Each new generation of video game consoles leaves their predecessors in the dust. The Nintendo Entertainment System eclipsed the ColecoVision and Atari 2600. Sega Genesis leapfrogged Nintendo just to have the N64 rocket past both of them. This cycle stayed consistent for decades. But something changed in the mid-2000s, with the PlayStation 3 and Xbox 360’s debuts. Video game consoles’ processing power became so advanced that the graphical improvements were less noticeable. Unlike the technological advancements between Nintendo and Super Nintendo, when graphics improved in leaps in bounds, gaming’s major improvements took place under the hood. The games loaded faster, took place in bigger maps, and featured smarter artificial intelligence, but looked only marginally better.
Today we take mind-blowing graphics for granted. We play visually dazzling games on a daily basis – I’m talking about games that would have melted our eye-balls had we played them 15-years ago. Impressing gamers means more than pushing a console’ hardware to the limit or featuring Pixar-quality cutscenes. To impress gamers in 2019, games need to push creative limits and maximize the designer’s artistic ambition. To win gamer’s hearts – and eyeballs – games must possess a style and flair that makes them distinct from the competition, and take place in a world we want to get lost in. Sekiro: Shadows Die Twice, is that game.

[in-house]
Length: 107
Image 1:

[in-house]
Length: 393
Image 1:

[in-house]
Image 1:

Sekiro: Shadows Die Twice is a visual stunner: Developed by FromSoftware and published by Activision, the game follows a shinobi named Sekiro during Japan’s Sengoku period. Sekiro hacks, slashes, and stabs his way through armies of blood-thirsty bad guys to rescue his captured lord. I’m all in on the plot and the gameplay, which borrows heavily from FromSoftware’s Dark Souls games. And thank the gaming gods, because no matter how good a game looks, no one wants to play a broken game. But Sekiro: Shadows Die Twice’s visuals would make me consider it.
I’m a sucker for Japanese period films, especially from Akira Kurosawa. And Sekiro: Shadows Die Twice is heavily influenced by both – with some grindhouse samurai movies thrown in. The game features an incredibly detailed world with eye-popping visual flourishes, highlighted by pitch-perfect cinematography. It’s not that this game looks good that sets it apart, it’s how it shows itself off.
Seeing Sekiro draped in shadows and standing on a rooftop before a giant full moon creates a badass Batman-type vibe. And watching Sekiro splatter opponents blood in fields of tall grass and clash swords beneath cherry blossom trees gave me chills. I haven’t been this excited to get lost in a video game’s world since Horizon Zero Dawn. To prove their game combines substance with its unassailable style, you can check out Sekiro’s five-minute gameplay video below.
Sekiro: Shadows Die Twice gameplay trailer:
Sekiro: Shadows Die Twice synopsis:
In Sekiro: Shadows Die Twice you are the “one-armed wolf”, a disgraced and disfigured warrior rescued from the brink of death. Bound to protect a young lord who is the descendant of an ancient bloodline, you become the target of many vicious enemies, including the dangerous Ashina clan. When the young lord is captured, nothing will stop you on a perilous quest to regain your honour, not even death itself.